FEMALE ANNOUNCER: This is a production of Cornell University.
BETHANY OJALEHTO: My research is looking at how people create meaning out of the world in their daily lives and also when they think about the ultimate existential questions of their own purpose and how they relate to the rest of the universe. I was very interested in working with child development in refugee situations.
So we wanted to look at this process and youth who are living in a refugee camp, which is located in Kenya. It appears to be the middle of nowhere. But it's not in the middle of nowhere. It's the middle of everywhere for a lot of people.
QI WANG: Children's understanding of their social world has very important implications for their social behavior-- for their own emotional development, for their relationships with their peers. And we know now those skills are very fundamentally important for the success of adults in the adult world.
BETHANY OJALEHTO: I think the research is important because it emphasizes that child development is not this static system of laws, but rather that humans operate in equally positive and meaningful ways around the world. When you actually look at the human individuals in different places, you begin to see how the diversity of approaches to this world are actually really beautiful and impactful.
Human Ecology has prevented this opportunity to develop an individual curriculum. Together with professors, they allow students to pursue independent inquiry, but they provide all the support necessary for that. The ideas that are most interesting to me are the really fundamental, and difficult, and impossible ideas? And it's really good because Human Ecology-- the professors here form this interesting coalition around real ideas.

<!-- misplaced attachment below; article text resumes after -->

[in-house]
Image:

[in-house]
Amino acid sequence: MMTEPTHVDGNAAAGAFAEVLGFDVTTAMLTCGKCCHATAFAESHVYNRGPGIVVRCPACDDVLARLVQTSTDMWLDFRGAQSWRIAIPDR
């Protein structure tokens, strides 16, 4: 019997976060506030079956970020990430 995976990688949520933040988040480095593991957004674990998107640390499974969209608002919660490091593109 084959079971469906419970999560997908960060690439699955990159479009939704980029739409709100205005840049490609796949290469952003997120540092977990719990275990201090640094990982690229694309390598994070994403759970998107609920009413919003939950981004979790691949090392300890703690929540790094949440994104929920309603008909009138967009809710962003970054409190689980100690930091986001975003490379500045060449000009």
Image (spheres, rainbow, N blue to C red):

QI WANG: I think developing research skills can help undergrad students succeed no matter what kind of career path they're going to choose later on-- for example, being dependent; being able to collaborate with others, and teamwork, and work ethics; and perseverance and persistence. So that's why I think it's very important for students-- undergraduate students-- to get involved in research activities.
BETHANY OJALEHTO: Research is so interesting and it adds so much to an undergraduate experience that is not simply an additional element. It really is a different way of approaching what you have learned, and it's a different way of approaching knowledge.
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Bethany Ojalehto and Associate Professor Qi Wang describe research into the effects of refugee status on child development.
In the College of Human Ecology, more than one third of undergraduates conduct research, either independently under the guidance of faculty mentors, or directly on faculty research teams. And the number of students conducting research continues to grow, because Human Ecology is committed to the integration of research methods, principles and outcomes into the delivery of its academic mission.